High-level policymakers discuss dementia

19 June 2014 - ADI participated in the Global Dementia Legacy Event in London, attended by health and finance leaders from around the world, including UK Prime Minister David Cameron. Also today, Jason Hatke, a teenage carer from the US, gave a statement to a UN hearing in New York on NCDs.

Global Dementia Legacy Event

The Prime Minister said that immediate action was needed to address a market failure on dementia research and drug development, which had seen global spending on dementia at five times below research on cancer, with only three drugs making it onto the market in the last 15 years. The event is a follow-up to last December’s G8 Summit on Dementia. Mr Cameron also encouraged other nations to follow the UK’s commitment. The new World Dementia Envoy, Dr Dennis Gillings, committed to looking at ways of bringing forward a global fund that could draw billions in private and public investment specifically focussed on dementia.

Marc Wortmann, ADI's Executive Director, said, "Many government efforts are the result of the strong voice that was raised for people with dementia and their families by national Alzheimer associations and Societies. Public funding for dementia research also comes from Alzheimer associations and strengthening these associations in both higher and lower and middle-income countries is crucial for a successful approach to the dementia challenge in the years ahead."

Marc was part of a panel discussion at the event, alongside Dame Gill Morgan DBE, Alzheimer’s Society (UK), Dr Maria Carrillo, Alzheimer’s Association (US) and DY Suharya, Alzheimer's Indonesia.

UN hearing on NCDs

Jason Hatke, from Indianapolis, USA, today gave a statement to an informal hearing at the UN to provide input to the high-level meeting to review of progress in prevention and control of non-commucicable diseases (NCDs).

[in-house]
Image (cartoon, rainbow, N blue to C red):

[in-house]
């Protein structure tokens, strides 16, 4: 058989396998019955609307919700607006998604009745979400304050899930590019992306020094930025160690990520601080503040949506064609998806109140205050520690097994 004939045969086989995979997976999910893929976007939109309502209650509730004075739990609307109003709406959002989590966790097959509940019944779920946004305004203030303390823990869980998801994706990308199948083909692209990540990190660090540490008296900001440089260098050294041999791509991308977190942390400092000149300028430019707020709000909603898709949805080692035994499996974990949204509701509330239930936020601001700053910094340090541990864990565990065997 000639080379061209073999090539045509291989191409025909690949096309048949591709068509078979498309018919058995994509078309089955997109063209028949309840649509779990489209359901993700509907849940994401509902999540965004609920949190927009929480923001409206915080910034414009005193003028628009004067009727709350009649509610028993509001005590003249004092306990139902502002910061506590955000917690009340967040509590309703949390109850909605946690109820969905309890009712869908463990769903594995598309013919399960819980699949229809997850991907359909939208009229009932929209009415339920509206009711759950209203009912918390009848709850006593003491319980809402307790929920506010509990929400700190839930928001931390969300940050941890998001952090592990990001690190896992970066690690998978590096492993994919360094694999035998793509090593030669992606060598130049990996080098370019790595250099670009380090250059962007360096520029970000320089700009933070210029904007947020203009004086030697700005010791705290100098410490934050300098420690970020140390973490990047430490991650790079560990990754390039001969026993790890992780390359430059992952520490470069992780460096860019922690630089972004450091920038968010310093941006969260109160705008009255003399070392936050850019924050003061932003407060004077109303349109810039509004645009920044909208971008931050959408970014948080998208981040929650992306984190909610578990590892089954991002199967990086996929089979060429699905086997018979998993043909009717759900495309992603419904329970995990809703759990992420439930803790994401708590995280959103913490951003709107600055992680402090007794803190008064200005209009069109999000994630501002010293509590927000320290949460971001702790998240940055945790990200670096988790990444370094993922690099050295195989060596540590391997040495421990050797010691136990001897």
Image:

Jason, now 18, started volunteering with the Alzheimer's Association (US) at the age of 13, the same year his father Michael was diagnosed with Alzheimer's disease. He has been very active as a lobbyist for the Association, and he has attended the National Public Policy Forum in Washington, D.C. for the past 4 years. Last summer, Jason and his father traveled to London to work with ADI to build a young caregiver support website.

Jason talked about his family's experience of Michael's diagnosis, his efforts to educate his peers about dementia, and noted that dementia was often left out of plans about NCDs. Jason said:

"The good news is that we know what to do for NCDs. Now, we need countries to step up and start taking action. Every person in the world should have access to prevention, treatment and care for all NCDs, including mental and neurological disorders, no matter what their age, gender, or where they live. Unhealthy products like tobacco and processed foods should not be easily available or cheap. I think an effective response to Alzheimer’s and other NCDs is collaborative, one that brings people together. We need to focus our attention on how to bring people together on NCD’s."